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  • Methodology

  • Research design

  • This research used qualitative approach, which helps the researcher to understand and explain the meaning of social phenomena with as little disruption of the natural setting as possible (Berg, 2003). Qualitative research can further be explained as a multi-perspective approach to social interaction that is aimed at describing, making sense of, interpreting, or reconstructing interactions in terms of the meaning that the participants attach to it (Bogdan and Bicklen, 1998: 22; Berg, 2003).

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  • Qualitative research states that it is important for qualitative researchers to interact and speak to participants about their perceptions in order for them to understand the nature of their constructed realities (Creswell, 2003: 29). This process made data collections bring the reality of the situation and the truth of the matter ‘visible’.

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  • Analysis

  • The code list was created based on what students said and some students had multiple factors that lead to unsatisfactory performance. The themes were identified as follows:

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Emerging themes

  • Family issues

  • Poverty in the family

  • Computer illiterate

  • Personal problems

  • Laziness

  • Accommodating diversity in teaching methods

  • Language barrier

  • Lack of responsibility

  • Disabilities

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Family issues

  • One of the students stated that: ‘the problem I have in two previous years, I was supporting at home with funds, and there was no one working, and there was a lot of stress to deal with’.

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Poverty in the family

  • One student stated that: ‘I did not have money to come and write supplementary examinations’

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Computer illiterate

  • One student stated that “I can’t use computer , I am seeing the computer for the first time”

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Personal problems

  • A number of students stated that: ‘after being raped I discovered that I was pregnant and I was not sure whether to keep the baby or to think about adoption. I failed all my modules’

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  • One of students stated that: “I always promise myself that I will study but if it is time to study I just get tired or sometimes I’m lazy it’s just that I like to sleep”

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Accommodating diversity in teaching methods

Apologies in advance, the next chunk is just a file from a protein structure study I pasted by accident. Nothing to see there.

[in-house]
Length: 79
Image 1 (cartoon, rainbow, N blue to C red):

• “My problem was adapting to university style of teaching and learning. I find it difficult to engage to this type of learning as I was used to be taught everything at school”.

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Language barrier

  • Another student stated that“I failed because I do not understand English. I rely on the dictionary when I study which is a problem when I am the lectures because I have follow the lecture in English”

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Lack of responsibility

  • Another student stated that “I failed because I registered Prof 110 in both semesters instead of Prof 120”

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  • One student stated “the hearing problem is one of my challenges that I have and being not financially supported is a problem”.

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Intervention strategies

  • Mentorship programme

  • Academic counselling

  • Academic consultation

  • Workshops: life skills, time management, study skills, empowerment, examination preparation, motivation and resilience

  • Referrals to other Faculty support sectors

  • Counselled into another degree of study

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  • Conclusions

  • Universities are not the only avenue for students after matric. The students may start work or go to other institutions that will focus on equipping them with skills that will make them productive citizens. Not everybody can cope with university curriculum. Access to the university means the beginning of hard work to acquire a degree. Support is available within the scope of acceptable disabilities and personal challenges that students may encounter. Counseling and disability facilities are available for students who are responsible enough to accept that the disability does not go away. Poor performance of students is caused by multi-faceted and complex issues. Establishment and operationalization of well funded and coordinated academic intervention programs to assist students to cope with challenges that affect their studies leading to failure, withdrawal and/or exclusion is the key to academic success at UKZN Edgewood Campus.